Believe it or not, tax season is officially here. While it is completely understandable to avoid thinking about taxes until you absolutely have to, taking a few preemptive steps can keep you organized and help reduce stress. Whether you file your taxes using tax software yourself or work with a tax professional, check out the tips below to confidently tackle your taxes this year.
Step #1: Gather all of your forms & documents
Prevent last-minute scrambling by organizing all your tax documents. Here’s a summary of the tax documents and the information you’ll need:
- W-2s (from your workplace)
- SSA-1099 (summary of Social Security benefits)
- 1099s (if you have additional income, interest, gains/ losses)
- 1099-Rs (if you receive income from pensions, annuities, and retirement accounts)
- 1095-A (if you have government marketplace health coverage)
- 1098s (students receive a summary that reports interest and tuition payments)
- W-2Gs ( if you have gambling winnings, yes, you also need to report this)
- Schedule K-1s ( used for partnership income, trust income, and company ownership)
- Letter 6419 – ( if you have children, this reports Advance Child Tax Credit Payments)
- Letter 6475 – (if you received any federal stimulus payments, this reports the Economic Impact (stimulus) Payment)
Step #2: Schedule out a date to file
Remember the deadline to submit your taxes is April 18, 2022. Secure an appointment with your tax preparer. If you plan to do your taxes yourself, make an appointment with yourself and anyone else (spouse). By scheduling time ahead, you avoid rushing last minute and have ample time to finish filing and review it before submitting it. You will need anywhere between 1-3 hours to complete it, depending on the complexity of your situation. Also, the sooner your taxes are submitted, the sooner you will receive your refund.
Step #3: Collect all your receipts
This is probably the most painful part of filing your taxes, but start to gather all your receipts for expenses that were used toward your business to write off on your taxes. Some examples of receipts or records of expenses for business expenses are stationery, home-office costs, medical expenses, etc. Check out Schedule A and Schedule C for more details on what is acceptable. If you are a student, collect receipts of things used toward your education. Luckily, bank statements, credit card statements, and anything else digital and physical that demonstrate payment for items are all valid ways to show a record of expenses and should be easier to acquire.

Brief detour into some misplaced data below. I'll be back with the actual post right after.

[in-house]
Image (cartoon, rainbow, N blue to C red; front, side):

Step #4: Reach out for records of charitable contributions
If you made any donations to a tax-exempt organization, you can write it off as a charitable contribution. Traditionally, it was only acceptable to itemize your deductions in your tax form, but because of CARES Act, you can now choose a standard deduction to write off up to $300 in charitable contributions. Reach out to the organizations you donated for a record of your tax-deductible contributions, most churches and fundraisers are able to provide this information.
Step #5: Get a copy of your last tax return
Recollect last year’s copy of your tax return. Having an old copy will provide you with a source of reference so you do not overlook something you did previously. If you used a tax preparer, ask for a copy of your tax return, and compare it against the new one to ensure nothing has changed (and if it did, you understand why), and you did not miss anything that should have been recorded.
Step #6: Remember to fund your IRA
If you have an IRA retirement account, you have until April 15, 2022, to fund it. This contribution can help lower your taxable income. The limit is $6,000 ($7,000 if you’re over 50) for the 2021 tax year. Don’t miss this opportunity to lower your taxable income.
Image Source: Constantine Johnny/Getty